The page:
Black and white cookies are the kind of New York City deli classic that I love recreating at home. If you’re not from around here, you might not have ever seen or tasted one, but that doesn’t mean you’re missing a whole lot. Nearly every one I have tried since setting foot in NYC in 2000 has rather disappointed. Because the cookie is really a cake, they get stale quite quickly, but this doesn’t convince deli and bodega owners to yank their plastic shrink-wrapped versions before they’re sold. Your best bet? Make them at home and wow all of the Brooklyn natives in the audience.
September, 2008 Archive
It has been way too long since I baked a loaf of bread. You see, I went on a bit of a bread-baking bender after taking a class a couple years ago. There was White Batter Bread and Chocolate Orange Bread, a Fougasse, a Pumpernickel (later updated to my now-favorite Russian Black Bread), darling Bretzel Rolls, ever-so-popular No-Knead Bread, homemade English Muffins, a Potato Rosemary Bread (nom), an Italian Bread that felt like it took 100 years to make, oh and then some miniature Soft Pretzels, and this doesn’t even include the insane homemade pizza bender that followed. Is it any surprise I took a little break from bread-making for a while shortly after I started by yeast by the jar?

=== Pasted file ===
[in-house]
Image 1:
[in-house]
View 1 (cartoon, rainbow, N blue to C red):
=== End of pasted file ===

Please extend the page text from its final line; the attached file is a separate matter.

The strangest thing has happened to me this summer; my obsessive pining for the next new recipe has waned. Gone are the days when the thought of cooking something I have already made was enough to make me not cook at all. Instead, it seems that this site is finally working for me: I have an archive of recipes I adore, largely ones that work as they should, and the answer to “What should we have for dinner?” is now, quite frequently, “Ooh, those kefta meatballs were so good. Let’s have them again!”
You know when you see someone cooking something on television and your stomach nearly lurches into a grumble and you know instantaneously what you will have for dinner that night? Isn’t it even better when it’s healthy?
About a month ago, I told you that tomato season is the highlight of my culinary year, or at least the highlight of the parts I can buy at a Greenmarket. And then I went on about slow-roasted tomatoes for a few paragraphs and proceeded to leave you right there. At slow-roasted tomatoes. Because you know what? Once you discover them, you might lose the few weeks that follow.